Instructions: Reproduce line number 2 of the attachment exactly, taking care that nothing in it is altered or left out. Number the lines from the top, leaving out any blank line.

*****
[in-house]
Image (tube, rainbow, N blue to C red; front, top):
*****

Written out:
Image (tube, rainbow, N blue to C red; front, top):